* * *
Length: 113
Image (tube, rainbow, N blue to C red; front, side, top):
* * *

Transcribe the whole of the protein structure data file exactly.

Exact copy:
Length: 113
Image (tube, rainbow, N blue to C red; front, side, top):